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Diabetes And Celiac


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19 replies to this topic

#16 tarnalberry

 
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Posted 23 September 2004 - 08:39 AM

You may be finding that the dried fruit, and even veggies (depending on the vegetable), are increasing your blood sugar initially, causing your insulin to spike. Getting plenty of fat and protein with those smaller meals is important to keep your insulin from spiking (as it releases sugars into the blood stream slower, so your body won't need as much insulin to deal with what's in the blood stream). Also, daily exercise is apparently very important for preventing pre-diabetes from turning in to diabetes. (I read a fascinating study noting that exercise actually changed cell's responsiveness to insulin.) So things like orange juice are important when experiencing a very low blood sugar event, but keeping blood sugar steady requires a more balanced set of foods.
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Tiffany aka "Have I Mentioned Chocolate Lately?"
Inconclusive Blood Tests, Positive Dietary Results, No Endoscopy
G.F. - September 2003; C.F. - July 2004
Hiker, Yoga Teacher, Engineer, Painter, Be-er of Me
Bellevue, WA

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#17 BRCoats

 
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Posted 23 September 2004 - 12:30 PM

Plantime,

The herb I am on is gynema sylvestre. It supposedly does the same thing as metformin/glucophage that docs put diabetics on. The reason my doc put me on it is because i have polycystic ovarian syndrome. If you have that, then you are also most likely insulin resistant. They are putting women with pos on these insulin drugs, and it is getting rid of the cysts on their ovaries...and it regulates their cycles. I am finding that if I'm on the herb, I can eat more sugar, but if I'm not, then just eating a high protein diet, no refined sugars, and very little carbs does just as well. So I will probably go with the diet/exercise route instead of the drug. The reason I thought maybe I was full blown diabetic is because I have gastroparesis, which many times is associated with diabetes. I am positive I have blood sugar issues, but I don't have a lot of the symptoms of diabetes.

Judy,

If you consider 32 young, then I guess I AM young. :D I do have a doctor, but I can't just pick up and go to him whenever I want.....he's six hours away. I have tried many doctors where I live, and NONE of them would help me. Don't even get me started on that! :angry: So I go to my previous doctor. He has not tested me for diabetes, but would if I wanted him to. I have family where he is, and whenever I'm over, I get an appointment with him. We also do phone consultations if I need him pronto. But they are more expensive as the insurance doesn't cover it. Yes, I do have insurance. My husband has a great job and the insurance is great, so no problems there. My grandma does have a meter....but she's also six (really seven) hours away. The reason I am on the herb is obviously explained up above. I try to figure these things out on my own because I have HAD to do it that way. I don't want to go into all my physical probs and how sick I was (who needs to hear another sob story....besides, it's incredibly LONG). But trust me....I would get to the doctor if I thought I was diabetic and it was out of control. I would like a meter, because I am wondering if my bs goes high, then low, then high, etc. I feel like I am at two ends of the spectrum a lot....so I was curious if I was right. However!! I AM getting it under control with diet. I am eating every two hours, limiting refined sugar (almost none) and very little carbs. So far it is working, but I haven't been doing it for long. I think when I had that episode yesterday, my blood sugar was very low, plus I ate some cooler ranch Doritos. And I DO think I reacted to them. Bummer!! So I think it was a combination of things.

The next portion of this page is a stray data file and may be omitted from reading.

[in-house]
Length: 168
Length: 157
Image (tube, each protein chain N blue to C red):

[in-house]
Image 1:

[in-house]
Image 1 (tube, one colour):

Thanks for your concern and advice.

Brenda
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~Brenda

Celiac, gastroparesis, PCOD, heart problems, pacemaker.

Diagnosed 7-12-04 via bloodwork. Never had a biopsy, doc didn't think it was necessary (said I would know just by going gluten-free).

gluten-free two weeks after diagnosis (and my last bag of Oreos). :-)

#18 judy04

 
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Posted 23 September 2004 - 12:41 PM

Brenda and Dessa and all others who are concerned:

There are 2 web sites that I have found which answered some of my questions

www.diabetic.com

http://diabetes.about.com
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judy


gluten-free since 11/03, neg biopsy, IGA elevated

#19 plantime

 
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Posted 23 September 2004 - 07:42 PM

Thanks for the help! This topic was a very timely one for me! I will see if my whole foods store has that herb, maybe it will help me. I prefer to keep control by modifying my diet, but sometimes I need help!
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Dessa

The Lord bless you and keep you; the Lord make His face shine upon you and be gracious to you." Numbers 6:24-25

#20 red345

 
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Posted 24 September 2004 - 02:55 AM

Hi! Though I do not have Celiac, I have had Type 1 Diabetes for 26 yrs. I'm 27 yrs old, and due to sound control I continue to have no complications from the disease to speak of, so that shows that a dedicated effort to controlling the disease can bring with it little in the way of long term complications. Honestly, the Celiac diet and Diabetes diet is not all that different. Pancakes, Pasta, Pizza, and many breads are the four foods that have spelled doom for me through the years as far as sugar control. These four foods are what cause a strong escalation in my blood sugars, so I have always stayed away from most breads. That simple measure has brought with it outstanding control for me. Because you are already on a diet that restricts these types of foods, I would imagine you will all be just fine so long as you make the effort to keep those sugars within normal range.